AMR, Delta May Push U.S. Airlines to Biggest Profit Since 2007

Delta Air Lines Inc. and American Airlines parent AMR Corp. may help U.S. carriers report their biggest profit in three years this week, buoyed by higher fares and fuller planes.

That would give the industry two consecutive profitable quarters for the first time since 2007, before the record-high jet fuel prices of 2008 and the recession. AMR will have net income of about $118 million, its first profit in two years, according to analysts’ average estimate compiled by Bloomberg.

The eight biggest airlines will post third-quarter combined net income ranging from $2.1 billion to $2.4 billion, according to estimates by analysts Michael Linenberg of Deutsche Bank AG and Michael Derchin of CRT Capital Group LLC. Planes are flying fuller than ever as carriers maintain the cuts in seats they put in place in 2008, allowing them to charge more for tickets.

“The most important factor is that carriers have not boosted capacity and, hence, have not had to keep prices low in order to fill what would otherwise be empty seats,” said David Swierenga, president of consulting firm AeroEcon in Round Rock, Texas. “This time carriers have really held the line.”

Collective revenue for the eight airlines will rise 17 percent to $32.5 billion, Linenberg estimated. Their operating margin may be 11.6 percent, up 8 percentage points from a year earlier and the best in a decade, he said in an Oct. 12 report.

Business travelers are starting to return, AMR Chief Executive Officer Gerard Arpey said Oct. 6.

‘Fragile’ Recovery

“I’m encouraged that, increasingly, it doesn’t look like we’re headed for a double dip in the U.S.,” Arpey said. “That is encouraging. But I would have to describe the recovery as fragile, and heavily dependent on economic activity in the U.S. and around the world.”

Delta is scheduled to lead off the industry in reporting results on Oct. 20, followed the same day by AMR and US Airways Group Inc. Southwest Airlines Co., JetBlue Airways Corp., Alaska Air Group Inc. and United Continental Holdings Inc.’s United and Continental will report Oct. 21.

United and Continental closed their $3.47 billion stock- swap merger on Oct. 1, four days after Southwest’s Sept. 27 announcement that it would buy AirTran Holdings Inc.

United and Continental will continue to be run separately until they receive U.S. regulatory approval to operate as one carrier, which may take as long as 18 months. Southwest’s stock- and-cash purchase of AirTran still must be approved by regulators and AirTran shareholders.

Photographer: Jonathan Alcorn/Bloomberg

AMR Chief Executive Officer Gerard Arpey Close

AMR Chief Executive Officer Gerard Arpey

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Photographer: Jonathan Alcorn/Bloomberg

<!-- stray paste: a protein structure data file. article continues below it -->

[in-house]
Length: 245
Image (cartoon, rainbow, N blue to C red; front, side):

AMR Chief Executive Officer Gerard Arpey

Fuel, Flu

The carriers as a group in July reported their first quarterly profit after 10 straight losses stretching back to the final three months of 2007. During the three-year period, the companies faced surging fuel prices, the slump in business travel during the recession and the outbreak of the H1N1 virus.

Airlines began decreasing the amount of available seats in 2008, grounding planes to keep pace with the drop in demand. Capacity through August was down 0.12 percent from a year earlier, extending the 6.9 percent reduction in 2009 that was the biggest industrywide pullback since 1942.

Keeping curbs on capacity creates “pricing power in the face of slowly improving demand,” said Jeff Straebler an RBS Securities Inc. strategist in Stamford, Connecticut.

“Now, with the recognition that it works, the expectation is that it will stay,” Straebler said.

Yields, or average fare per mile excluding taxes, rose every month this year through August after falling through all of 2009, according to the Air Transport Association trade group. June’s 20 percent increase over a year earlier was 2010’s biggest gain.

Unit Revenue

Third-quarter revenue for each seat flown a mile, known as unit revenue, an indicator of fares and demand, probably rose 15 percent, excluding regional airline partners, Derchin estimated. Load factor, or the number of seats filled, advanced 2 points through August from a year ago to 83 percent.

“Airlines are not pricing so aggressively to gain market share anymore,” said Jim Corridore, a Standard & Poor’s equity analyst in New York. “They are pricing for profitability. That is a big shift for them.”

The Bloomberg U.S. Airlines Index of 11 carriers rose 18 percent this year through today, topping gains of 6.2 percent for the Standard & Poor’s 500 Index and 6.9 percent for the Dow Jones Industrial Average.

Capacity Discipline

Jet fuel for delivery in New York Harbor averaged $2.11 in the quarter, up 17 percent from a year ago. Prices have risen 0.14 percent since the quarter’s end. They peaked at a record $4.36 a gallon on July 3, 2008. Fuel normally is the industry’s second-biggest expense, following labor.

Airlines should be able to keep posting profits on industry consolidation, the mix of higher- and lower-priced fares and capacity discipline, said Derchin, who is based in Stamford, Connecticut. While revenue from each seat flown a mile probably will continue to rise, the pace will slow, he said.

For 2011, the industry’s biggest threats are increasing fuel prices, the risk of another recession and the temptation to quickly add back seats, said AeroEcon’s Swierenga, a former chief economist for the Air Transport Association.

“As long as they hold the line on capacity, they will be OK,” Swierenga said.

To contact the reporter on this story: Mary Schlangenstein in Dallas at maryc.s@bloomberg.net

To contact the editor responsible for this story: Ed Dufner at edufner@bloomberg.net

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